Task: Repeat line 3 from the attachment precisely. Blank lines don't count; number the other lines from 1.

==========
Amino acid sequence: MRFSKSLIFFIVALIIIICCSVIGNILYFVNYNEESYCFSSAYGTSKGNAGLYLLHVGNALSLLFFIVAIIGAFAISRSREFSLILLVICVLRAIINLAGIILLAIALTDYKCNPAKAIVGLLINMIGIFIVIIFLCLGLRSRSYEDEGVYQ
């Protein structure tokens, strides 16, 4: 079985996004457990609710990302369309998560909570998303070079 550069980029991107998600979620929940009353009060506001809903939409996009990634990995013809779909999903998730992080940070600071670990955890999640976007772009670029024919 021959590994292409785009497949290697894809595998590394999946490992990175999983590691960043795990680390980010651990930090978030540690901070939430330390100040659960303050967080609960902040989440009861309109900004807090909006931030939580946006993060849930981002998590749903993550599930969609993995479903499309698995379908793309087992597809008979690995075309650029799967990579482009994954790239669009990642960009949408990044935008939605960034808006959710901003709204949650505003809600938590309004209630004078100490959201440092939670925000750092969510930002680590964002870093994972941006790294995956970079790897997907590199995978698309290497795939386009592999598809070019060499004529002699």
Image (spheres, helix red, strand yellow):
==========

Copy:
Image (spheres, helix red, strand yellow):